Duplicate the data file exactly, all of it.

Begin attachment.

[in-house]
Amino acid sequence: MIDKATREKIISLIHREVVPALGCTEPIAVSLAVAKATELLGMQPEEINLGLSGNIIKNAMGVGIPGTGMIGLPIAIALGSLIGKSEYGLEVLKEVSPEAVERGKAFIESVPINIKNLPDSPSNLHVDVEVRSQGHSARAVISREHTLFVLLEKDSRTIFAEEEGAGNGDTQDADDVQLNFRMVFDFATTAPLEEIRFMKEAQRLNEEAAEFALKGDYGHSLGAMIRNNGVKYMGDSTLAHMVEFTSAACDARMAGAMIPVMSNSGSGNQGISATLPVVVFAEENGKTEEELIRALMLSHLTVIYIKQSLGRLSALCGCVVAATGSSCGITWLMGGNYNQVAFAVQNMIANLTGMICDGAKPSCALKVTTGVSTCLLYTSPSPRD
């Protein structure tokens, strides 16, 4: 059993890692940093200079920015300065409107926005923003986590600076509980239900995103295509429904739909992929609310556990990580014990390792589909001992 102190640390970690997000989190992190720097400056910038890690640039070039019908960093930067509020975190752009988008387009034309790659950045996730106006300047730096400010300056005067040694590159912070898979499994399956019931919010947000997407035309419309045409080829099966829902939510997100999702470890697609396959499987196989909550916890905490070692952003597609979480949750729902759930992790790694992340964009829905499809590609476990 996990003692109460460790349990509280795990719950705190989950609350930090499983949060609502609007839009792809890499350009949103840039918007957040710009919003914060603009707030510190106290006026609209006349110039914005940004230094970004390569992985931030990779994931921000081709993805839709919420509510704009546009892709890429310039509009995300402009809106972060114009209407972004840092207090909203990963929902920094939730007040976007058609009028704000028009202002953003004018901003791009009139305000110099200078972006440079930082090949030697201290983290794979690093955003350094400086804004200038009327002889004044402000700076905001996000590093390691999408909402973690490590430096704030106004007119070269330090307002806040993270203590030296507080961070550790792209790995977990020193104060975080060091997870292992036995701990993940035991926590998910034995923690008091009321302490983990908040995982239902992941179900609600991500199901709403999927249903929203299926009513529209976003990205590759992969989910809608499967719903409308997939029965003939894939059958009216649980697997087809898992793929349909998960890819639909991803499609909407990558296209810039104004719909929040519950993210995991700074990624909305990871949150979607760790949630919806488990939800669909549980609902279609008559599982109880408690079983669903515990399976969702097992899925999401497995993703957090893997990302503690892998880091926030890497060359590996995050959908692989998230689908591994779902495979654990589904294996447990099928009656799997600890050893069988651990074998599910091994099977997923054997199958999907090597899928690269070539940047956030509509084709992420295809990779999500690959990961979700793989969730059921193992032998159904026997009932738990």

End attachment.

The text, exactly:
[in-house]
Amino acid sequence: MIDKATREKIISLIHREVVPALGCTEPIAVSLAVAKATELLGMQPEEINLGLSGNIIKNAMGVGIPGTGMIGLPIAIALGSLIGKSEYGLEVLKEVSPEAVERGKAFIESVPINIKNLPDSPSNLHVDVEVRSQGHSARAVISREHTLFVLLEKDSRTIFAEEEGAGNGDTQDADDVQLNFRMVFDFATTAPLEEIRFMKEAQRLNEEAAEFALKGDYGHSLGAMIRNNGVKYMGDSTLAHMVEFTSAACDARMAGAMIPVMSNSGSGNQGISATLPVVVFAEENGKTEEELIRALMLSHLTVIYIKQSLGRLSALCGCVVAATGSSCGITWLMGGNYNQVAFAVQNMIANLTGMICDGAKPSCALKVTTGVSTCLLYTSPSPRD
């Protein structure tokens, strides 16, 4: 059993890692940093200079920015300065409107926005923003986590600076509980239900995103295509429904739909992929609310556990990580014990390792589909001992 102190640390970690997000989190992190720097400056910038890690640039070039019908960093930067509020975190752009988008387009034309790659950045996730106006300047730096400010300056005067040694590159912070898979499994399956019931919010947000997407035309419309045409080829099966829902939510997100999702470890697609396959499987196989909550916890905490070692952003597609979480949750729902759930992790790694992340964009829905499809590609476990 996990003692109460460790349990509280795990719950705190989950609350930090499983949060609502609007839009792809890499350009949103840039918007957040710009919003914060603009707030510190106290006026609209006349110039914005940004230094970004390569992985931030990779994931921000081709993805839709919420509510704009546009892709890429310039509009995300402009809106972060114009209407972004840092207090909203990963929902920094939730007040976007058609009028704000028009202002953003004018901003791009009139305000110099200078972006440079930082090949030697201290983290794979690093955003350094400086804004200038009327002889004044402000700076905001996000590093390691999408909402973690490590430096704030106004007119070269330090307002806040993270203590030296507080961070550790792209790995977990020193104060975080060091997870292992036995701990993940035991926590998910034995923690008091009321302490983990908040995982239902992941179900609600991500199901709403999927249903929203299926009513529209976003990205590759992969989910809608499967719903409308997939029965003939894939059958009216649980697997087809898992793929349909998960890819639909991803499609909407990558296209810039104004719909929040519950993210995991700074990624909305990871949150979607760790949630919806488990939800669909549980609902279609008559599982109880408690079983669903515990399976969702097992899925999401497995993703957090893997990302503690892998880091926030890497060359590996995050959908692989998230689908591994779902495979654990589904294996447990099928009656799997600890050893069988651990074998599910091994099977997923054997199958999907090597899928690269070539940047956030509509084709992420295809990779999500690959990961979700793989969730059921193992032998159904026997009932738990």